An allegation of unconscionable conduct in business dealings arises when a party to a contract says or does something that is so unreasonable that it defies good conscience. The Courts will intervene and potentially set aside a contract if at the time the contract was entered into there ought to have been matters “preying on the conscience” of the “stronger” party to the contract.
Unconscionable conduct typically arises when:
- One party to the contract is in a position of superior bargaining power;
- Whether any conditions were imposed on the weaker party that were not reasonably necessary to protect the legitimate interests of the stronger party;
- That the weaker party is in a position of disadvantage due to factors such as age, poverty, lack of English, poor education and so forth. In such a situation the weaker party is deemed to be in a position of ‘special disadvantage’;.
- That the weaker party was pressured in some way into signing the contract or not given sufficient opportunity to consider the matter or seek advice;.
- That the stronger party displayed a lack of good faith;.
- That the terms of the contract are unfair. Unfairness alone is not sufficient, there must be something in the conduct that goes against societal norms.
The equitable doctrine of unconscionability is encoded in Sections 21 and 22 of the Competition and Consumer Act 2010. (ACL). Section 21 of the ACL prohibits unconscionable behavior in connection with the supply of goods or services, or the acquisition of goods or services, in a business transaction.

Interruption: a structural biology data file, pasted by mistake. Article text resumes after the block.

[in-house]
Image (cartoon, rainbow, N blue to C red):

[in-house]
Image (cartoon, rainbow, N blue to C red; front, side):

Recent High Court case
The law in this area is currently in a state of uncertainty, concerning the issue of voluntariness of the weaker party’s conduct. In recent case, the High Court was split 4:3 over the definition of unconscionable conduct. The case concerned a “book up” credit scheme operated in a remote Aboriginal community.
In their majority judgment, Keifel and Bell JJs found that the trader did not act unconscionably because the customers voluntarily entered into the contract, there was limited evidence of dissatisfaction with the arrangement and it was not established that the trader exploited his customers’ socio economic vulnerability in order to obtain a financial advantage.
In their minority judgment, Nettle and Gordon JJs found:
“It is because a transaction is voluntarily entered into by someone under a special disadvantage that unconscionability developed in order to ensure that persons who are vulnerable and unable to protect their own interests are not the victim of conduct by a stronger party in taking advantage of that vulnerability”
According to the minority judgment, while the weaker party’s conduct may appear to be voluntary, the reality may be otherwise due to conditions of special disadvantage meaning that they are unable to exercise an informed judgment about the nature of the contract.
It is clear as a result of this decision that further refinement of the legislation is required.
How to avoid engaging in Unconscionable Conduct
- Do not exploit the other party when negotiating the terms of an agreement or contract.
- Take care to be reasonable when exercising your rights under a contract.
- Consider the characteristics and vulnerabilities of your customers. For example, use plain English when dealing with customers from a non-English speaking background. Or give them an opportunity to use an interpreter.
- Make sure your contracts are thorough, easy to understand, not too lengthy, and do not include harsh unfair or oppressive terms.
Know Compliance Legal Advice
Should you require a review of your terms and conditions, Know Compliance is able to peruse them in order to ensure that they do not leave your company exposed to an allegation of unconscionable conduct.